Graham first started visiting the pub in the early 1960s when his aunt was the landlady. He remembers the days when the bar area was made up of a lounge, snug and ‘bottle and jug’ off-license. Over the years he has seen many people come and go but the one constant is his wife, Sue, who he met in the pub when he was just 21. He proposed and they were married in the church across the road soon afterwards. He, like many other regular customers fear that if the pub were to change, a social hub in his life would be lost forever. He remarks that places like the Greenbank are not for him.

The Sugar Loaf welcomes a diverse clientele of mainly local residents, both working class and professional, as well as new arrivals to the area and holds a strong sense of tradition, high standards and community spirit. Martin adds that “Clocks could be set by the regularity of some of the clientele; they’re such an eclectic mix of people, so diverse, so open and so friendly”.

Some locals

Since its reopening, the pub has been fully alive and buzzing in the community bringing together former regulars and many new faces alike, providing quality beers, live music, darts, pool and most of all, a comfortable, relaxed traditional pub atmosphere; something quite rare these days. In addition, regular darts tournaments and themed quizzes have provided to be far more than just entertainment for patrons but have gone one step further by raising money for local charities; again a rarity in this day and age.

The Sugar Loaf is one of the area’s last havens untouched by gentrification and continues to represent many in the community. The local area around St Marks Road is already home to flourishing and diverse restaurants and eateries which will no doubt suffer if the planned redevelopment goes ahead. This really does beg the question; do we really need another gastropub?

If you answer ‘no’ please sign this petition and come have a pint with us!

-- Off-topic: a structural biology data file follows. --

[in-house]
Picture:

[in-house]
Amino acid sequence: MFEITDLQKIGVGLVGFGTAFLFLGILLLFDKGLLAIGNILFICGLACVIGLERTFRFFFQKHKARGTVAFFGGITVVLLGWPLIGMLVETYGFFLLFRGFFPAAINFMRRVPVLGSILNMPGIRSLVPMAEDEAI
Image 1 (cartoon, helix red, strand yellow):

Some locals larking about

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Comments

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  • Henry says:

    Who are the firm wanting to turn it into a gastro?
    Thanks for this piece

    • Josh P says:

      It’s the lot from Zazus kitchen, they own the Grace, the Knowle, the Alma tavern, the Greenbank, not sure what else. They’re kind of a local success story. Spoke to one of them and he was a bit confused by all the fuss. I’m not into the Greenbank that much but there are plenty of struggling pubs needing more patrons. I try to do my bit but got to watch my health! Old pub at end of my road is now a mosque. Market forces innit.

  • helsi pinkerton says:

    Really Ben Bird…one of the few working class pubs left in Easton???? You clearly haven’t been down Stapleton Road lately or into all the other pubs in Easton (apart from The Greenbank) :( Great you are supporting this pub, but really sloppy journalism means your article isn’t really credible.

    • Doris says:

      Indeed. Anyone would think Mr Bird has never actually been to Easton.

      And it’s strange that he uses this article mainly as a chance to get in a dig at Zazu’s, whilst staying strangely mute on Star Pubs, whose apparent desire to boot out the incumbent landlord is the enabler for all of this in the first place.